Date of Award

Summer 8-15-2020

Author's School

Graduate School of Arts and Sciences

Author's Department

Biology & Biomedical Sciences (Biochemistry)

Degree Name

Doctor of Philosophy (PhD)

Degree Type



Amplification or mutations in members of the epidermal growth factor receptor family, such as HER2, have been identified in several human diseases. In particular, mutations in the intracellular kinase domain have been identified in breast, colon, and lung cancers. The Cancer Genome Atlas has identified HER2 mutations or gene amplification in seven percent of colon cancer patients. These mutations are well known to promote enhanced cell growth and transformation of colon cancer cell lines. Previous studies have found HER2 mutations to confer anchorage independent growth and activation of downstream signaling pathways such as MAPK. Although HER2 mutations have been extensively characterized using cell line overexpression models, the role of HER2 alterations on tumorigenesis, particularly in the gastrointestinal tract, has not been studied. In this thesis, the role of an activating HER2 mutation, V777L, was examined using small intestinal organoids, a three-dimensional culture model. Additionally, we also sought to explore the cooperative role of both HER2 and APC mutations. Using this model, we showed distinct morphological changes in intestinal organoids upon expression of either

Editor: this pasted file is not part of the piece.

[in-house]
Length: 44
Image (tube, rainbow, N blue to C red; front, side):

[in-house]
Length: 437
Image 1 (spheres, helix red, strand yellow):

HER2 or APC alone, or in combination. Furthermore, in vivo expression of HER2V777L driven by the Lgr5-Cre recombinase showed increased intestinal hyperplasia throughout the small intestine and the loss of distinct intestinal cell populations. This work is the first characterization of an activating HER2 mutation in the intestine using a transgenic mouse model and a three-dimensional culture model. Lastly, we show that in vitro expression of oncogenic mutations such as KRAS in HER2 mutated colon cancer cell lines confers reduced sensitivity to a HER2-targeted therapeutic, neratinib, which further illustrates the impact of multiple oncogenic mutations on cell growth. Taken together, we illustrate the role of HER2 and co-occurring mutations on the intestinal epithelium as well as the effect of HER2 and KRAS co-occurring mutations on colon cancer cell line inhibitor sensitivity and downstream signaling pathways.


English (en)

Chair and Committee

Ron Bose

Committee Members

Matt Ciorba, Jim Janetka, Linda Pike, Sheila Stewart,

Included in

Biochemistry Commons